Chinese companies like Xiaomi are living proof that "China's design culture is kicking off," American Internet expert Clay Shirky told Xinhua in an exclusive interview.
Founded in 2010 and now the world's third largest smartphone company, Xiaomi shows China's shift from a global manufacturer to a global innovater, Shirky said.
Invited by Columbia Global Centers of East Asia, the NYU Shanghai associate professor and best-selling author hosted a public talk in Beijing following the recent publication of his book "Little Rice: Smartphones, Xiaomi, and the Chinese Dream".
Although Xiaomi is a smartphone manufacturer, it built its reputation through engaging with technically sophisticated users, online sales and social media marketing, he said. The act of combining these three things has created a new model for manufacturing and services and enables Xiaomi to stride ahead of its domestic rivals.
"I think Xiaomi's most remarkable creation, other than the Xiaomi itself, is the way the company works," Shirky said.
Despite patent barriers, Xiaomi also enjoys popularity in developing countries, which take up a big portion of the global market.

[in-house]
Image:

In 2014, Sweden's Ericsson won a court order banning the import and sale of Xiaomi smartphones in India due to patent infringements.
Lei Jun, the founder of the company described it as Xiaomi's "coming of age", saying that Xiaomi would invest more in research and development.
Though Xiaomi's business model can be replicated by other companies in other countries, he worries that the Chinese smartphone manufacturer will face market challenges in the western world as its services have many Chinese characteristics which make local success easier but more difficult to export.
He also pointed out that very few western companies start with the letter X, which can be difficult to pronounce or spell.
"The story of China as the world's workshop is ending, and it is really a good lens to see a Chinese design firm firing on all pistons and what it can accomplish," said Shirky.